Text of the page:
The Latest within the Mountain Valley Pipeline Case
The Supreme Court was right to overturn the lower court’s stay.
Environmental groups have fought valiantly to stop the development of the MVP project, and the Fourth Circuit has repeatedly upheld their legal claims. Congress recently gave the pipeline the go-ahead. The Fourth Circuit quickly halted it again but was overturned earlier today by the Supreme Court. I’m no fan of natural gas pipelines or of shortcutting the conventional appeals process. But this time I believe the Court got it right.
The problems revolved around Congress’s intervention within the dispute. The statutory provision upholding the pipeline was a part of the 2023 debt ceiling law. It was terrible public policy. Congress mustn’t intervene on decisions about particular projects, and natural gas pipelines fuel global warming. But Congress has the facility to do bad things as well nearly as good ones.
The environmental groups argued that a part of the supply must be read very narrowly and that the predominant portion was unconstitutional. Although I’m sympathetic to their arguments, in the long run I believe the law is clearly against them.
Essentially the most debatable a part of the 2023 law eliminated the jurisdiction of the courts to listen to any challenge to the MVP. It is a tricky area of constitutional law. On the one hand, Congress clearly has no business telling a court the right way to resolve a selected case. Alternatively, Congress clearly does have control over jurisdiction. When these principles bump up against one another, it might probably be hard to attract the road.
I believe Congress was on the constitutional side of the road on this case. It deprived the courts of the authority to listen to a category of cases, not only one which happened to be already pending. The lack of jurisdiction wasn’t conditional on how a court might rule on the merits of a case. Thus, that is something greater than a disguised effort to dictate a court’s findings of fact or legal conclusions.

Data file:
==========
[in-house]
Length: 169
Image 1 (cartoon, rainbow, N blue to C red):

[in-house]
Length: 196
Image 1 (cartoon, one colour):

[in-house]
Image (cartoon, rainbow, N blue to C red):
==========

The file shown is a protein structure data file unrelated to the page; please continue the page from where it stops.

As I indicated earlier, it is a tricky issue. But the opposite parts of the 2023 law seem clearly constitutional and sufficient by themselves to overturn the Fourth Circuit’s stay of the pipeline.
One among those other provisions requires challenges to the 2023 law to be heard by the D.C. Circuit, not the Fourth Circuit. The environmental groups argued that this may apply only in the event that they brought a separate case difficult the 2023 law. It’s a pleasant try, but that’s clearly not what Congress meant.
It will have been strange for Congress to require attacks on the statute to be within the D.C. Circuit in the event that they were separate lawsuits but not in the event that they were a part of other lawsuits. The identical panel of Fourth Circuit judges had issued multiple orders against the MVP, and Congress clearly wanted the constitutional issue to be heard by a unique court with no predispositions in regards to the case. Even when the jurisdiction-stripping a part of the law was unconstitutional, all of the Fourth Circuit could do could be to ask the D.C. Circuit to make a decision that issue.
Finally, Congress also said that it was ratifying the issuance of the permits for the pipeline and it directed the federal government to issue the permits and keep them in effect. Congress has the facility to exempt a project from environmental laws, and nobody argues that that is unconstitutional. In essence, that’s what Congress was doing here. That signifies that, even when the Fourth Circuit had jurisdiction, the environmental group’s arguments against the pipeline had turn out to be moot.
To issue a stay against the pipeline, the Fourth Circuit had to seek out that the environmental groups were more likely to prevail on all of their arguments in regards to the 2023 law. It’s very hard to see how that standard was met here.
The Supreme Court should nearly all the time let lower court litigation take its course before intervening. On this case, nonetheless, the Court’s intervention seems justified. In some unspecified time in the future, bad as a project may be, Congress does have the final word power to make a decision that it must be built. It might be painful, however the duty of the courts is to implement that congressional judgment.